The seaplane was an E-ticket ride if there ever was one -- smooth, beautiful, and the Absolute Best Way Ever to see the area between Vancouver City and Vancouver Island. If I'd packed my camera, it would have been lost anyway -- but I still regret not being able to get any decent pictures from the air. The tiny camera on my cell phone just wouldn't have done the view justice.
Ann and Ray met me at the seaplane terminal on the island -- and they brought Penny, the world's silliest Old English Sheepdog, to greet me. Penny and I have had a long-standing mutual admiration society going. Even though we hadn't seen each other for a couple of years, Penny was still so excited to see me that she whimpered as she slimed me all over. That dog has always given a mean free facial, however slimy.
Vancouver Island is gorgeous, and my gracious hosts took me around to show me the sights, including this place in Coombs, BC, where they have goats grazing on the sod roof. I searched for some tacky postcards and couldn't find any, sad to say. They had some Wicked Good "Goats on the Roof" T-shirts, and I should have bought one -- but little did I know that my clothing situation was about to turn desperate.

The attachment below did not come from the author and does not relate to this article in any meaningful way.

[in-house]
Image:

In between jaunts out to see the island, I spent time on the phone to United -- er, Untied -- Airlines, trying to determine the whereabouts of my bag. My cell phone and Blackberry had already started showing the red logos meaning "Charge us now or you'll be sorry." Did I mention that my chargers were in the bag?
Every time I called the airline, I would be put on hold for a minimum of 20 minutes, waiting for some support rep in India to pick up the phone. (I have come to the conclusion that companies who outsource their customer support in India basically don't want their customers to bother them -- or they don't want customers at all, for that matter.) In typical fashion, the people I did speak to were unfailingly polite and unfailingly unable to help. In the meantime, my bag hadn't shown up for 3 days, and we weren't going to be home to sign for the bag if it were to arrive. We were headed to the dog show, and I had nothing but some very old and smelly clothes on my back.
Ann took me to the local Wal-Mart to buy enough shirts, socks, underwear, and toiletries to get by. I was also able to find chargers for my phone and Blackberry, so I was at least able to shed my stinky traveling clothes and get back in touch with the outside world. I have never in my life bought clothes at Wal-Mart -- for which I should sue the airline for pain and suffering -- but I'm glad they were there when I needed them. I found some that weren't too horrible, plus an emergency backup pair of black jeans (since my nice trousers were on tour, and we had a banquet to attend).